As retailers internationally confront continued tough trading conditions, some of the industry’s most successful retailers shared their expertise and opinion about market directions and the ingredients of success today.
Bob Thacker, former chief marketing officer at Office Max, said retailers without big budgets must deliver “big ideas” to increase sales. In challenging markets it was “making news, not making ads” that would deliver a return on marketing spend.
He outlined the thinking behind a series of seminal campaigns run during his tenure at Office Max, including the viral holiday season sensation ‘Go elf yourself’, which the company launched five years ago.
Thacker reflected: “We had a million dollars to spend and our advertising agency advised us to put it all in to viral marketing. Remember this was five years ago. It became such a massive hit that the sale of Elf-related merchandise now actually makes it a profitable operation in its own right.”
At a time when budgets are often not available for outside agencies, Thacker added that retailers needed to look inside their businesses for ideas and warned: “Fear kills creativity, so you must create a fearless environment.”
Neiman Marcus chairman Burt Tansky explained how the recession had taught retailers valuable lessons, even in the relatively insulated world of luxury. “We didn’t see the recession coming when we were buying and we had far too much stock, so we made some quick decisions but we have emerged a leaner and cleaner business,” he reflected.
But he added: “While we have continued to invest in very high levels of customer service, I am sorry to say that I feel many retailers have allowed this to slip.”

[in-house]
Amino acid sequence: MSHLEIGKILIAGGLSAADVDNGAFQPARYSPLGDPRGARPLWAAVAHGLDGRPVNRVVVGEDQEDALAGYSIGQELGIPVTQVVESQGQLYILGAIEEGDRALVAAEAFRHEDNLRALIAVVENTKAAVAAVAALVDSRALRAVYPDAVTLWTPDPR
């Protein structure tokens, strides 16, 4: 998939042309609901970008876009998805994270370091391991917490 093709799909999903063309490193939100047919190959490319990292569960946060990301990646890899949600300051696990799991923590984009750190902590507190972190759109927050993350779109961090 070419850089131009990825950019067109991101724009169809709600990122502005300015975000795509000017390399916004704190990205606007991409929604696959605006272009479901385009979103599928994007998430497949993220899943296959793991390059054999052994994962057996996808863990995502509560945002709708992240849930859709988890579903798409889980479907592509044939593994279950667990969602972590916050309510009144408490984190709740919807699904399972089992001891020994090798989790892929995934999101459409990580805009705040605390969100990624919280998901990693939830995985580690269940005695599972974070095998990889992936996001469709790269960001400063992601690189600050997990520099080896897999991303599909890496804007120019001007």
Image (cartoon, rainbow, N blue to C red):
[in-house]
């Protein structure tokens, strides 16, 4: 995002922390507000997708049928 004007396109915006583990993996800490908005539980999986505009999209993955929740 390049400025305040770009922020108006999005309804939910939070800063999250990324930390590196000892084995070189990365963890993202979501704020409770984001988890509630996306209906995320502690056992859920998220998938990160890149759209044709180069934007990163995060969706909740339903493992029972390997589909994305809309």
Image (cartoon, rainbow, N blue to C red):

Tommy Hilfiger, the founder and principal designer of the eponymous brand and retailer, offered his views on the impact of celebrity culture on apparel retail.
Hilfiger, who has had and maintains business relationships with many celebrities, said “authenticity” was key as stars increasingly launched their own brands.
“The new way to do celebrity branding is to make sure the celebrity is talented. If you just put a celebrity name on as brand it doesn’t work.” The “authenticity” of celebrities’ involvement in their brands “is the difference between it being successful or not”, he added.
Likely retail stars of the future and the greatest retailers of the moment were celebrated in equal measure at the World Retail Congress.
Students from Hong Kong Polytechnic University emerged victorious in the Retail Futures Challenge to come up with a brand or retailer entry strategy to the long-established Berlin department store KaDeWe.
The Hong Kong team, which was supported in its effort by global fashion giant Li & Fung, planned the launch of Chinese brand Blanc de Chine.
They showed how the brand’s blend of Chinese tradition and modern fashion would complement KaDeWe and developed innovative digital ideas including a ‘zen mirror’, which reflects passers-by as if they were wearing Blanc de Chine clothes.
The team beat competition from New York’s Fashion Institute of Technology, London’s Fashion Retail Academy, Mumbai’s Welingkar Institute of Management, Milan’s IULM and Tokyo’s Rikkyo University.
The achievements of established retailers, both stores and pure-plays, were marked at the Oracle World Retail Awards held in Berlin’s Deutsches Historisches Museum.
Marks & Spencer, Australian department store business Myer, Chinese etailer 360buy.com, Tesco, Brazil’s Pão de Açcar, Walgreens, New York’s Eataly, Adidas and fast fashion giant Inditex all won awards.
The two top awards, outstanding leadership and retailer of the year, were won by Ralph Lauren president Roger N Farah and luxury group Burberry.